269 of 338 people found the following review helpful
A Mixed Review,
This review is from: Behind the Beautiful Forevers: Life, Death, and Hope in a Mumbai Undercity (Hardcover)
I found this book riveting, thought provoking and highly annoying. The author has distilled what she explains in the Author's Note was a large number of interviews, research into government documents and time spent in the Mumbai slum where the book takes place. The result is a set of appealing characters who live difficult and precarious lives on land adjacent to Mumbai's International Airport. Partially submerged during monsoon season, at the mercy of everything from international financial markets to local police, the author movingly described the energy, and luck, required simply to survive from one day to the next. And any day might bring catastrophe.
Typical of the best of New Yorker writing, this author is able to make a point by obliquely calling attention to it. And that point is the devastation of poverty and the overwhelming odds required of those trying merely to accomplish what most readers of this book undoubtedly take for granted: a fair society that appropriately rewards hard work. The myth that by leaving their rural Indian communities, moving to a big city and being willing to work extremely hard that they can better the lives of themselves and their families.
None of the characters in the book are villainous. Some, such as Asha, are selfish, but the author is careful not to reduce any of the characters to a caricature. Yes, Asha is selfish, but there are reasons for that, and she does accomplish things for her community, even if her motivations are less than saintly. Other characters, such as Asha's daughter Manju, are intent on helping others. But the overwhelming requirements for simply getting through the day leave little room for distracting activities. When Manju's best friend swallows rat poison she is determined to save her friend, but worried about the time she can afford to devote to this. No one can afford the luxury of altruism.
Because of the careful attention to details of the characters daily lives, the ambiguities inherent in negotiating their world are made understandable, believable. If you are unable to feed your family with recycling legal garbage, is it really wrong to recycle stolen articles, particularly when those items are pieces of aluminum, miscellaneous screws, ketchup packets? The answer is that we in first world environments and middle class lives are unable to answer those questions honestly, because we simply can not accurately judge the decisions the people in this book must make. Is it wrong to beat your daughter who will not comply with the requirements of modesty that will allow an appropriate marriage? Is it wrong to sniff industrial solvents to relieve the boredom and agony of a life spent hungry searching through trash for salable items?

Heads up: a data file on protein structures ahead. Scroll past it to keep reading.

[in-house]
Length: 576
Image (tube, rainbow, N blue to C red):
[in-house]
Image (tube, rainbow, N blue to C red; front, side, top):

The language is colorful, and rarely are relationships, even familial relationships, described in loving terms. There is a good portion of salty language in this book. "Tomorrow if he does not sit with you and study, I will break his legs and pour kerosene on his face." That is fairly typical. But because of the endless (and endlessly oppressive, depressing) details with which these stories are told, that language, and the continual violence underlying so much of the book, is realistic, even understandable.
So why did I find this book so annoying? Because the author fails miserably in putting her well told tale into any larger context that has even a semblance of factual rigor. It is extremely odd that while the author adds a long note to assure the reader that she has spent a vast amount of time and resources to accurately tell the story of this slum and its inhabitants, her only explanations of their plight are stereotyped one liners utterly lacking in factual substantiation. Early in the book we are told that there are only three avenues for advancement: entrepreneurship, education, and politics with corruption. Again and again politics are equated with corruption, without a single fact to support this gross simplification. Political corruption is endemic in many countries, including India (and Mexico, where I live) but to simply equate the two without any analysis of this simplified summary is annoying, to put it mildly.